Royal Australian Air Force Leading Aircraftman Matt Van Der Vlies, 13 Squadron avionics duty crew member, left, coordinates an aircraft movement with U.S. Air Force Staff Sgt. Michael Margino, avionics technician with the 36th Expeditionary Aircraft Maintenance Squadron, at RAAF Base Darwin, Australia, March 29, 2018. Two B-52 Stratofortress aircraft flew to Darwin to partake in the Enhanced Air Cooperation exercises with RAAF aircraft and ground personnel. The rotations enhance U.S. ability to train, exercise and operate with Australia and other allies and partners across the region, further enabling international militaries to respond more quickly to a wide range of challenges, including humanitarian crises and disaster relief, as well as promoting security cooperation efforts across the region. (U.S. Air Force photo by Staff Sgt. Alexander W. Riedel)

U.S. and Australian air forces train, increase interoperability at RAAF Darwin

U.S. Air Force Staff Sgt. Brett Carpenter, left, receives instructions from a Royal Air Force aircraftsman on the parking location for an incoming B-52 Stratofortress at RAAF Base Darwin, March 29, 2018. Two U.S. Air Force bombers arrived to the small base in Australia’s Northern Territory to support the U.S. Pacific Command's Enhanced Air Cooperation initiative in cooperation with Australian RAAF teams. The EAC comprises a range of air exercises and training activities already Australian and the U.S. aircrews and support teams. Carpenter is an electrical-environmental craftsman deployed with the 36th Expeditionary Aircraft Maintenance Squadron at Andersen Air Force Base, Guam.(U.S. Air Force photo by Staff Sgt. Alexander W. Riedel)

U.S. and Australian air forces train, increase interoperability at RAAF Darwin

U.S. Air Force Staff Sgt. Brett Carpenter, left, speaks with a Royal Air Force aircraftsman about the parking location for an incoming B-52 Stratofortress at RAAF Base Darwin, March 29, 2018. Two U.S. Air Force bombers arrived to the small base in Australia’s Northern Territory to support the U.S. Pacific Command's Enhanced Air Cooperation initiative in cooperation with Australian RAAF teams. The EAC comprises a range of air exercises and training activities already Australian and the U.S. aircrews and support teams. Carpenter is an electrical-environmental craftsman deployed with the 36th Expeditionary Aircraft Maintenance Squadron at Andersen Air Force Base, Guam.(U.S. Air Force photo by Staff Sgt. Alexander W. Riedel)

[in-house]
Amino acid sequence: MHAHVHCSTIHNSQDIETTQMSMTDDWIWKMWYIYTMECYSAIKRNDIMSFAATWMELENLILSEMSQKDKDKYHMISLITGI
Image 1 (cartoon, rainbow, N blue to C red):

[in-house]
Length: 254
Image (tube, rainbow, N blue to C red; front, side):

JOINT BASE PEARL HARBOR-HICKAM, Hawaii --

U.S. Air Force Airmen and B-52H Stratofortress bombers arrived at Royal Australian Air Force Base Darwin March 29 and have commenced training with the Royal Australian Defence Force as part of the Enhanced Air Cooperation (EAC) initiative shared between the two allied nations.

 The B-52H aircrew and bombers departed from Andersen Air Force Base (AFB), Guam and are scheduled to remain in Australia through early April in order to train with Royal Australian Air Force F/A-18A Hornets and PC-9 aircraft as well as Joint Terminal Attack Controllers in designated military airspace near RAAF Williamtown.

The training is designed to exercise close air support scenarios, ultimately increasing the abilities of the two militaries to operate together and to enhance security cooperation in the region.

The B-52H's presence at RAAF Darwin marks the second EAC event of 2018. The first, held at Andersen AFB in February, tested and improved the aeromedical evacuation capabilities shared by the two air forces.

The EAC initiative, codified in 2014 by signature between the U.S. Secretary of Defense, U.S. Secretary of State, and their Australian counterparts, fosters greater integration between U.S. Department of Defense air elements and the Australian Defence Force to enhance interoperability across the full spectrum of operations.